Tax Day might still be a three-months away, but that doesn’t mean we’re not already in the thick of tax season.
And even more, it’s never too early to take a look at how well protected you and your information is against fraud.
In fact, January 28th – February 1st is Tax Identify Theft Awareness week.
To go over a bit more about that, as well as to give some helpful tips on keeping safe is Jon Hanai from HawaiiUSA Federal Credit Union.
Tax identity theft happens when someone uses your Social Security number (SSN) to get a tax refund or a job.
You might find out it’s happened when you e-file your tax return and discover that a return already has been filed using your SSN.
Or, the IRS may send you a letter saying more than one return was filed in your name, or that IRS records show you have wages from an employer you don’t know.
Thieves are unfortunately getting craftier and more advanced with their methods of fraud, but there are three common scams you want to look out for.
The first is the “collection agent” scam.
What happens is a thief using stolen information files a fraudulent tax return in your name and waits for your refund to be deposited into your bank account.
The scammer then poses as a collection agent from an IRS-affiliated agency saying the deposit was a mistake and needs to be returned.
The second is similar in that it involves “phone impersonators” posing as IRS representative threatening legal action over money they say is owed.
The scary thing is that some fraudsters are even able to alter their phone number on caller IDs to make it look as though it’s a legitimate IRS call.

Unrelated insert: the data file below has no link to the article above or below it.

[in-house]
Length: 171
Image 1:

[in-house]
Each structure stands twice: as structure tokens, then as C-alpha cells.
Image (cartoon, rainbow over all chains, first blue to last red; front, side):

The third is a “phishing” scam where you’re sent emails linking you to a seemingly legitimate and official website that’s trying to trick you into providing your personal and financial details, so they can steal your identity.
Make sure you keep your SSN private and safely store your card at home.
Provide your number and card only when it’s absolutely necessary.
Speaking of keeping safe, make sure you choose strong, unique passwords for all your logins, especially financial sites; for example, your online banking login.
You’ll also want to be sure your computer is updated with the latest spam and virus software updates.
Additionally, if you ever get rid of computers or other personal devices, make it a habit to wipe out your hard drive data.
Next, you’ll want to make sure you shred any bank or tax documents you no longer need.
You’ll also want to keep an eye on your mailbox in the event that you haven’t received something that you regularly expect.
For example, if you still get paper statements delivered, but you can’t remember receiving one recently, you may want to check with your credit union or bank to see if there hasn’t been a fraudulent change of address on your account.
You’ll also want to keep up-to-date on data breaches.
I know it might be hard to always be full-informed, but especially if it involves a company you’ve used, it’s better to be extra certain your account information hasn’t been compromised.
And lastly, if you need some help keeping on top of things, consider enrolling in a monitoring service to watch over your private information.
For example, at HawaiiUSA we have various member protection services, such as MyIDCare, offering a full range of ID theft protection and assistance if in the event something happens.
If that kind of peace of mind sounds like something you’d like to have, visit any of our branches, or find more information online at https://hawaiiusafcu.com.
As mentioned earlier, it’ll be Tax Identity Theft Awareness Week and the Federal Trade Commission is offering free webinars and chats throughout the week.
If you’re looking for some more information, visit https://hawaiiusafcu.com.